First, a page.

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Archive for June, 2016

Industry-funded International Tax and Investment Center responds to criticism by attempting to muddy the waters

24 Jun, 16 | by Marita Hefler, News Editor

Karen A Evans-Reeves, Anna B Gilmore and Andy Rowell

Tobacco Control Research Group, University of Bath,

The tobacco industry is under attack. In just two weeks, in May 2016, its tactic of challenging any law that threatens its profits, took a big hit. The arbitration panel, that tobacco giant Philip Morris International (PMI) had hoped would overturn standardised packaging legislation in Australia, published its full ruling that the company’s self-serving claims were inadmissible. Just days later, all four major tobacco companies lost their challenges against both the European Union’s Tobacco Products Directive and standardised packaging legislation in the UK.

The UK, France and Ireland, which have already enacted standardised packaging legislation, will now go ahead with this brand removal. Further afield Canada, New Zealand, Hungary and Norway are due to follow suit and other countries which have expressed an interest will be buoyed by the way the industry’s legal and trade challenges to plain packs are being soundly rejected. The World Health Organization’s (WHO) slogan for World No Tobacco Day 2016 was “Get Ready for Plain Packaging” recognising that the removal of branded tobacco packaging is “going global.”

Each jurisdiction to consider standardised packaging legislation has received sustained attacks from tobacco companies, using both their own voices and those of third parties which they fund. By commissioning and publicising research reports and opinions from seemingly independent experts, tobacco companies have created not only the impression of a large network of opposition but of an illusory body of evidence, particularly in relation to the industry argument that standardised packaging will increase the illicit tobacco trade.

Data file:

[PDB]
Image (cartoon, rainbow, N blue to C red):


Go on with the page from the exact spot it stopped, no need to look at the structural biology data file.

PMI private documents, leaked to Action on Smoking and Health (UK), revealed that “broad third-party media engagement” and “high profile opinion pieces” would be used to raise awareness of such arguments among “decision makers and the general public” as part of its attempt to prevent standardised packaging in the UK. These documents also revealed that PMI intended to use the International Tax and Investment Centre (ITIC) as one of its key “media messengers”. Since 2012, PMI has paid ITIC (in collaboration with global advisory firm, Oxford Economics) to produce annual reports on the illicit trade in Asia. These claimed that illicit trade is increasing in the region but have been accused of being methodologically flawed. When publicly available routine data was used in an attempt to replicate ITIC’s findings in Hong Kong, illicit levels were found to be under half of what ITIC had estimated.

Key to the industry’s use of third parties is its attempt to shift the paradigm by presenting third parties as ‘independent experts’ and their research as ‘trustworthy and rigorous’ while simultaneously positioning public health academics as ‘advocates’ and ‘zealots’ and their research as ‘advocacy’. This presentation of corporate pawns as informed moderates producing quality work and public health researchers as misguided fundamentalists producing poor quality work is a public relations tactic employed for decades by corporations in relation to environmental and health issues.

Over the last few weeks this tactic has been adopted by the tobacco industry third party, ITIC, in a series of letters sent to Non-Governmental Organisations (South East Asia Tobacco Control Alliance (SEATCA), ASH (UK), EU SmokeFree Partnership), the University of Bath in the UK, and the Editors of Tobacco Control, all of whom had criticised ITIC’s activities, some in letters, reports and webpages. ITIC’s letters made three inter-related claims, each of which we explore in the paragraphs below.

First, that public health research should be seen as advocacy while, by contrast, ITIC’s research (none of which appears to be peer-reviewed) should be seen as high quality. For example, in his letter to the University of Bath the President of ITIC, Daniel Witt, claimed:

We have become increasingly concerned about how the integrity of reputable institutions and individuals is maligned by overzealous advocacy ….. and ….by what passes for academic research when it is clearly constructed to fulfil an advocacy agenda”.

This denigration of public health research has been strongly criticised by independent experts. In her 2006 verdict in an extortion case against the tobacco industry in the United States Judge Gladys Kessler noted: